Bad times for Germany

0
823
Hyundai.
Hyundai.

Poor Germany lost out in the football world cup, and have lost out in the automotive reliability stakes as well. The latest annual JD Power report has South Korea well ahead of the fancied Germans.

The comparison data collection is done by the J.D. Power reliability study which is based on 13,500 UK cars.

The ranking is ordered by the number of problems per 100 cars from each brand and the top 13 rated manufacturers were all volume-selling car makers. Mercedes was the best premium brand

According to the latest J.D. Power reliability study, emerging and new technologies found in premium vehicles are resulting in more owner-reported issues.

Affordable and dependable: the new car reliability survey – based on feedback from 13,500 owners – found that models built by premium brands are not as robust as those made by volume manufacturers. Hyundai – whose cheapest model is the i10 city car – ranked the highest overall with a score of only 78 PP100. Compare that to BMW who came out with a damning 192 problems.

Suzuki came in second place with 87 PP100, followed by Kia with 94 PP100.

Of the premium-level car makers, Mercedes-Benz (124 PP100) was the highest-ranking brand, achieving a rating of 124 PP100 – but only good enough for 14th overall in the manufacturer list.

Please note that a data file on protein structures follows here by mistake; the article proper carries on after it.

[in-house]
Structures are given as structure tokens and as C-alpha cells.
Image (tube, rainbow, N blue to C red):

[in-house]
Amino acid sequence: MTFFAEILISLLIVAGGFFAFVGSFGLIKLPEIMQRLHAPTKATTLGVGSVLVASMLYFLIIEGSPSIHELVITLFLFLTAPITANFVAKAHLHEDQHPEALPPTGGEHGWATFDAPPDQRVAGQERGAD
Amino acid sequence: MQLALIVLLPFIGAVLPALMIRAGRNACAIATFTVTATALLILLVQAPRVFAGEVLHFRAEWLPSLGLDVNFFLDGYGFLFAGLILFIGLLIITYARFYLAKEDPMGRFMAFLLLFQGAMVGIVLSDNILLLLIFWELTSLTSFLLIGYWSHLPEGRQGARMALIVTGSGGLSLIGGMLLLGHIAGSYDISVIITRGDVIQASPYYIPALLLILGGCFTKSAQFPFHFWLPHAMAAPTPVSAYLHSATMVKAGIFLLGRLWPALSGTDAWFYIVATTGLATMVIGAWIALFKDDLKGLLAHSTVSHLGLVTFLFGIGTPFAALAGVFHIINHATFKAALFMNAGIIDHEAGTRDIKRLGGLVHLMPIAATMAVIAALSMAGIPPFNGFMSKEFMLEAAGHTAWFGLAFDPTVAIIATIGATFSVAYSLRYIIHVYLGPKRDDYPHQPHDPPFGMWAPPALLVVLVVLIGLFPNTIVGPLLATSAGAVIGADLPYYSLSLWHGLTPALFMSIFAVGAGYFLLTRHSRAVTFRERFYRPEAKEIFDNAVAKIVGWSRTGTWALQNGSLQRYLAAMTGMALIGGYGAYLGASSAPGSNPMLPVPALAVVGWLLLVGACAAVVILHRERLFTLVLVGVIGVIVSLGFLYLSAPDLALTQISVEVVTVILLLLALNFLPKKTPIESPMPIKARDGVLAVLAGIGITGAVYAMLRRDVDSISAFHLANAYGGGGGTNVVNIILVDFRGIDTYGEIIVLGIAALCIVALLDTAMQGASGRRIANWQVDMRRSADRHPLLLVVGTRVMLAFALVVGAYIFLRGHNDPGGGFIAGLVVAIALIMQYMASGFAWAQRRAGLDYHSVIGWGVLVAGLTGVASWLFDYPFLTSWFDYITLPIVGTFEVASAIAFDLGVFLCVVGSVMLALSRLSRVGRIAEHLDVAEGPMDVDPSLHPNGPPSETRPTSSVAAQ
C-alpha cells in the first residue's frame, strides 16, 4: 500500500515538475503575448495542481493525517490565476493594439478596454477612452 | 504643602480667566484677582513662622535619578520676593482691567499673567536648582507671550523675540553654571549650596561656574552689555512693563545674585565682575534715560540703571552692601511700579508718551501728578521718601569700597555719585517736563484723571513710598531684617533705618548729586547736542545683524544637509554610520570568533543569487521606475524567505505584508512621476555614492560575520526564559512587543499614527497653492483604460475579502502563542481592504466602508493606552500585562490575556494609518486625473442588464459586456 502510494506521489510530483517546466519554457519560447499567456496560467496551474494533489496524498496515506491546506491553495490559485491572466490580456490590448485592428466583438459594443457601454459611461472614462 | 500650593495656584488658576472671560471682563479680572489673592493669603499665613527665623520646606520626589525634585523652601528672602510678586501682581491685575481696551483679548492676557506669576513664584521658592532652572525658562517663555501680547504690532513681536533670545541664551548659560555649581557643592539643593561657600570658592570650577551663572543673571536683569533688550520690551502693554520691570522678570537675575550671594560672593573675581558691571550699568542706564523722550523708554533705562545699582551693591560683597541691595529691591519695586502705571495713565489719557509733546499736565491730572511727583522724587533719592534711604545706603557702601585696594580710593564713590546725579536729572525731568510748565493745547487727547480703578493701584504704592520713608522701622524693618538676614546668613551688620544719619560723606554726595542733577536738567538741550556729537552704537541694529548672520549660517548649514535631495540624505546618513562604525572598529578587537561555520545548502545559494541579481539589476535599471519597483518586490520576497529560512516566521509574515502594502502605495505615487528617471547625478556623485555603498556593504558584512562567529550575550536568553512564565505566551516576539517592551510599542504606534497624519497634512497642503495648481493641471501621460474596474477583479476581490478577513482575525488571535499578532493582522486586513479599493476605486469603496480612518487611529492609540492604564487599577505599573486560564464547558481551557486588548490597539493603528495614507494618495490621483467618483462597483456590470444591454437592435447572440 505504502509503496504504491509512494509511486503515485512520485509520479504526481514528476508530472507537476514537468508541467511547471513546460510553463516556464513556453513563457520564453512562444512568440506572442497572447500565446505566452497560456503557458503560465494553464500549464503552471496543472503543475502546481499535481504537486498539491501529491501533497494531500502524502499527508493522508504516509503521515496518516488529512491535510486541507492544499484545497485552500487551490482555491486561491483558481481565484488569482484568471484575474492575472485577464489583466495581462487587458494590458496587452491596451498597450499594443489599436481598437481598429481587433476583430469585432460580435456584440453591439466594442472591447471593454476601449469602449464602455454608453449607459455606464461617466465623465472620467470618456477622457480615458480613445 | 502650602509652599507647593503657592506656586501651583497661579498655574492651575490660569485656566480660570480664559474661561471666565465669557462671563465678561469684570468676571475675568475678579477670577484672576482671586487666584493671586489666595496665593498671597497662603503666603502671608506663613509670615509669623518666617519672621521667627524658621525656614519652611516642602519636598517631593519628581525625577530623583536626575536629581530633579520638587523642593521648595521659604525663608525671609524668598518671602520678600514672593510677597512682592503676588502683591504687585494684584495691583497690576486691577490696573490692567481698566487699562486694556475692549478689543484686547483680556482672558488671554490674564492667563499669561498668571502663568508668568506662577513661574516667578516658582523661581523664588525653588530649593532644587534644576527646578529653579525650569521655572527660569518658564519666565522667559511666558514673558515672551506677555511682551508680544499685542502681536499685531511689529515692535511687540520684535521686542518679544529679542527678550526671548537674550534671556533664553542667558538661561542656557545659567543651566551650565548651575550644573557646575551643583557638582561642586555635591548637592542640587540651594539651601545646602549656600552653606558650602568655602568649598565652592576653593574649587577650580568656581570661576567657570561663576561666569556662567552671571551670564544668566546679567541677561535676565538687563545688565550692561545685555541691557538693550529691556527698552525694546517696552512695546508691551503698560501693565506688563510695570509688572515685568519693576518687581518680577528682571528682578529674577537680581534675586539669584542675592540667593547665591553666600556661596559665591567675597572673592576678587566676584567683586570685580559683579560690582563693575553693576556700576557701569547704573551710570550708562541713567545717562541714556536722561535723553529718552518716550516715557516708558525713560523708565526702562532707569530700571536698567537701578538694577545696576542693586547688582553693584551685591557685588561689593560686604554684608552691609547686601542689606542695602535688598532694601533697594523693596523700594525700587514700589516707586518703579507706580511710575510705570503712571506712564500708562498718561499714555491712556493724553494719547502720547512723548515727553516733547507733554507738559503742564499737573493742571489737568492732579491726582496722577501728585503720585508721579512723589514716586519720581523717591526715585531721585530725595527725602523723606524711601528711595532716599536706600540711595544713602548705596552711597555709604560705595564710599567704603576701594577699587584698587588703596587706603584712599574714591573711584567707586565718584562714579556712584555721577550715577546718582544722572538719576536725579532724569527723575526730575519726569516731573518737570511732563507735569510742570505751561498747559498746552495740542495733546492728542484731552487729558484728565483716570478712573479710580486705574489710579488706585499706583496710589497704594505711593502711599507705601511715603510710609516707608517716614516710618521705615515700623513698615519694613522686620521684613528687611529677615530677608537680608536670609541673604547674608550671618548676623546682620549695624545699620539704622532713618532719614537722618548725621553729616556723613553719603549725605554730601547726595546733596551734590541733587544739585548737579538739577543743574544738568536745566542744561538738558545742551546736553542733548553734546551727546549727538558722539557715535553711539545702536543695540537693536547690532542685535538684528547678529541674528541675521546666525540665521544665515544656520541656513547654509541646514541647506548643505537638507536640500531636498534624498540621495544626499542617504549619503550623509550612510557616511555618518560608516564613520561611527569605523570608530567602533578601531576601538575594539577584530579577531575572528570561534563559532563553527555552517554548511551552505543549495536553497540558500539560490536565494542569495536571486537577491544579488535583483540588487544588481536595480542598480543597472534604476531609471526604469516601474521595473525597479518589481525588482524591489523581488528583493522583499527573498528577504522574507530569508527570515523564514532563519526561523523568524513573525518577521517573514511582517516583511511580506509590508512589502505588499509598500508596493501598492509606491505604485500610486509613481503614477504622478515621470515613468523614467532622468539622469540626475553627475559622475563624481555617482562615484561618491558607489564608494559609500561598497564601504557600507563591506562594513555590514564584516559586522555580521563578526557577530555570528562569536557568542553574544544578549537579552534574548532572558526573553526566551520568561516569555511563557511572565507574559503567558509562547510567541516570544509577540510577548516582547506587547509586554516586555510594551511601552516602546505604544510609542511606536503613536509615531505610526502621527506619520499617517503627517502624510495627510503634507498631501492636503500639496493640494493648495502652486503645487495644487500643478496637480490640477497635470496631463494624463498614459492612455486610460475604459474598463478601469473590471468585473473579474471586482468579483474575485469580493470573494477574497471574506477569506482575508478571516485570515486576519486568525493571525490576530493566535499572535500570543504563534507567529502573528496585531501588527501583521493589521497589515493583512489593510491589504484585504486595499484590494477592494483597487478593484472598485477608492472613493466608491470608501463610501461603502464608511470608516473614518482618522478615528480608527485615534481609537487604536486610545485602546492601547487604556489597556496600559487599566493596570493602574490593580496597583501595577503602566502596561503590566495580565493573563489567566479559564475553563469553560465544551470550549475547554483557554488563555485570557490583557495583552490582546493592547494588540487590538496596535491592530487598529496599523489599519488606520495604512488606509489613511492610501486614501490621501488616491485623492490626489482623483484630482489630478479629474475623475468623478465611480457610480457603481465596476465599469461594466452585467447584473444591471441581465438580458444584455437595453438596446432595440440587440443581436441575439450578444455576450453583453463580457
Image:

Jaguar ranked in 16th spot with a PP100 of 137, followed by Volvo with 138, Land Rover with 169 and BMW coming bottom overall with a distant score of 192 PP100.

Josh Halliburton, head of European Operations at J.D. Power said, “The main reason for the generally low ranking of premium brands was linked to the high-tech gadgetry they have that can sometimes malfunction and cause headaches for owners. Automotive systems are more complex than they’ve ever been and premium brands especially are incorporating autonomous driving building blocks – adaptive cruise control, lane keep assist, automatic braking – into their models,” he said.

“It’s imperative for manufacturers to address this issue in order to improve the level of consumer trust in the technology.”

The data showed that phone-pairing bugbears and voice recognition system failures were among the six most common problems reported by owners.

What will be more concerning to all drivers, though, is the frequency of engine and transmission problems – which can be expensive – reported in fairly new vehicles.

J.D. Power – how it works:

The survey is now in its fourth year and measures problems experienced by owners during the past 12 months.

It only reports on UK vehicles that are 12 to 36 months old.

The study examined 177 problem symptoms across eight categories.

These are:

Vehicle exterior

Driving experience

Features/controls/displays

Audio/communication/entertainment/navigation

Seats

Heating, ventilation and air conditioning

Vehicle interior

Engine and transmission – The report said there were fewer cases of these than in previous years, though a worrying amount of factory-fresh motors are suffering these issues.

Among owners who experienced no problems with their vehicle, just over half (54 per cent) said they ‘definitely will’ purchase or lease the same brand again.

Among those who experienced one of the top 10 highest-severity problems, only 37 per cent would replace their car with a model built by the same manufacturer.

(Of course these figures apply to the UK, but remember that some of the cars on the UK roads were actually built in Thailand.)